By Caroline Wyatt
BBC News, Paris
Film director David Lynch has appeared in Paris to launch the first major exhibition of his paintings and photographs.
Lynch sits in front of a darkened cinema screen, telling us how much he likes the sound of fire and electricity, as his fingers flutter gently, rhythmically up and down beside his face.
David Lynch started his career as a fine artist
It is a moment that can only be described as pure Lynch, thanks to the disconnect between his kindly James Stewart face and some of what he says.
For the most part, though, he seems surprisingly normal - for the director who gave the world the weirdness of Eraserhead, the dark vision of Blue Velvet and the compelling but unsettling Twin Peaks.
Few realise he started out as a fine artist. And if you thought Lynch's films were weird or impenetrable - just wait until you see the art.
Walking into the exhibition is like walking into the mind of David Lynch - and you know it will not be a comfortable place.
In fact, much of it resembles your blackest nightmares or darkest hidden fears splattered onto canvas.
On the ground floor, mounted on brightly-coloured curtains, are huge paintings of people - men and women with their body parts splayed or dissected.
The exhibition runs at the Cartier Foundation in Paris until 27 May
One couple is shown in the middle of a violent act of murder, while another a man is being shot, with shocking red blood spurting from his torso.
A mixed oil collage features a nude woman with half her torso torn off and leaking with what looks like yellow viscous blood.
So how does Lynch himself explain his art? The fingers flutter again as he responds.
"What I can say is what you see... what you see is what I can say. And the works - they're there and they speak for themselves," he says.
"Each thing - painting, watercolour, photography - so much of it is a wordless thing."
Downstairs in the darkened basement, the small cinema is showing some early Lynch films.
The first is Six Men Being Sick. Which is what it shows, literally, with six Monty Python-esque cartoon heads vomiting.
Next, the reassuringly-titled The Grandma, is actually a rather dark fairytale about a small boy who is abused by his parents.
So he grows his own grandmother from a seed he plants and waters in his bed - with a large, looming monstrous pod giving birth to the kindly old lady.
Everywhere, a soundtrack of industrial noise plays, adding to the unsettling atmosphere.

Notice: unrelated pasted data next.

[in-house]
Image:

"There is a lot of disturbing imagery," admits the exhibition's curator Ilana Shamoon.
"Especially in the paintings and the distorted nude photograph series, because that darker side of humanity is something that interests David Lynch so, so much and comes through in both his artwork and his films."
Yet she insists there is also a brighter side, gesturing towards the brightly-painted room we're standing in.
It has a child-sized zebra-striped sofa and cactuses around the edges.
"There is also a lot of hope and joy in his artwork - like in his humorous sculptures," Ms Shamoon says.
Hope and joy are not things one might associate with Lynch, though he himself insists he is a "very happy man" who has enjoyed transcendental meditation at least twice a day for 30 years.
Lynch insists he is "a very happy man"
Yet his art clearly comes from a deep, dark place. Lynch's photographs, the nude series, are extremely disturbing.
They display naked female bodies, many with odd protrusions or vital parts missing.
They look like a cross between Francis Bacon, Salvador Dali, Rene Magritte and the Chapman brothers.
"Francis Bacon is someone who's the obvious comparison," Ms Shamoon says. "He is someone who influenced David Lynch from the beginning, when he went to a fine arts school in Philadelphia."
The Independent on Sunday's film critic Jonathan Romney is impressed by the work.
"David Lynch is prolific," he says. "It's amazing that he's kept all this stuff down the years. And it's all done with such confidence. This is not amateur work."
So what inspires this dark art? Lynch says it can be anything.
"What fascinates me is ideas," he says. "Sometimes we get ideas for paintings, sometimes ideas for music, sometimes for cinema, but everything starts with an idea." And he smiles beatifically.
"Painting is the most beautiful act in solitude - it's you and the paint, and the ideas flowing."
Downstairs in the gloom of the basement, there are some black-and-white paintings that sum up the exhibition, featuring scribbled hands and body parts.
On one is a man whose head is floating away from him as he gropes desperately to get it back, with the slogan: "My head is disconnected."
Walking out of the exhibition and back into the spring sunshine, I knew exactly how he felt.